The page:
We had the good fortune of connecting with Autumn Hart and we’ve shared our conversation below.
Hi Autumn, why did you pursue a creative career?
My mom gave me a career book my senior year of college and we talked about me pursuing arts VERY heavily. I scanned through that book so many times trying to find something that I could make work for me as a career but yet I realized really quickly. If my art, music, and performances are all I can think about when I think about a career-isn’t that what I should spend my time doing? I have always had such a passion for making people smile via my creations so why would I stop when it can to earning a living?
Alright, so let’s move onto what keeps you busy professionally?
I create anything that inspires me in the moment and once it’s complete, I run quickly to share it with others. Whether it’s making films to share online, painting on any sort of canvas I can find, or just singing my heart out for everyone on my block to hear, I just want people to enjoy the joy I feel in creating everything in the spur of the moment. I’ve definitely had to climb a lot of hills to continue being the artist I am today-I could even begin to count the awful things people have said to try instilling doubt into me. I’ve had my fair share of experiences with abusive educators and directors doing what I do and have had to pave my way through systems in various artistic industries I didn’t agree with. But I have learned to keep in touch with my passions and apply the good I see in the world around me. For example, I often sing a lot of jazz tunes when I warm up-not only because they are affective, but it was an area of singing that holds a lot of sentimental value as the first time in my artistic career I stood up for myself and my talent. Applying that into my warmups helps remind me how far I’ve come. I’m also a disabled artist – I have essential tremors and very recently I have come to learn to embrace it when I draw and paint specifically since it affects how I can do so with my hands constantly being so shaky. A lot of my more recent pieces are very jagged and chaotic for a reason, I let my hands get tired and feel what they need to feel as they make the piece. Throughout art school I would be constantly critiqued for line work on my pieces, trying to cover up that it was something out of my control. Now that I’m embracing it, I feel a lot more like my art is more a part of me.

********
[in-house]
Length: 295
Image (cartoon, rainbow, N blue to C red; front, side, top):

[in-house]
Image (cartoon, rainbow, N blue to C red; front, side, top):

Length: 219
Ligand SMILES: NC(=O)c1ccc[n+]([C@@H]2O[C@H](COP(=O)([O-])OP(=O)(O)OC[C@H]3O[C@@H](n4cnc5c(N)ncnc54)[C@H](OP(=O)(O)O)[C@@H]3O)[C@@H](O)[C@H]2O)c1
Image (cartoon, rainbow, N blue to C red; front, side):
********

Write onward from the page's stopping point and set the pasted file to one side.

Any places to eat or things to do that you can share with our readers? If they have a friend visiting town, what are some spots they could take them to?
I just moved to Brooklyn and my oh my what a hay day we would have! I actually have a document saved on my phone for when my best friend comes to visit one day, so I am SO ready for this question. I would prioritize stops at one of my favorite jazz clubs, the New York Public Library, a queer art market or two, and Rupert Jee’s Hello Deli is a MUST stop by in my opinion. I also think the tram that goes over the city to Roosevelt Island is one of my favorite stops-it really shows how versatile the city can be as a place of hustle and bustle but also peace in the right locations. The nuance of quiet locations in loud cities is my favorite places in the world, they’re like beautiful oxymorons. End the week with off with a picnic
The Shoutout series is all about recognizing that our success and where we are in life is at least somewhat thanks to the efforts, support, mentorship, love and encouragement of others. So is there someone that you want to dedicate your shoutout to?
I think I would honestly contribute where I am today to the resources and media my parents showed me as a child. I latched onto putting such high value in strength as an individual quickly when I was young thanks to the movies, books, and television shows my parents showed me. I even had toys and shows help me launch into my education quickly and show me from a very early age the kind of art that I would continue today. I owe a LOT to Ariel in the Little Mermaid, Barbie, and Peter Pan for helping me find myself at such a young age.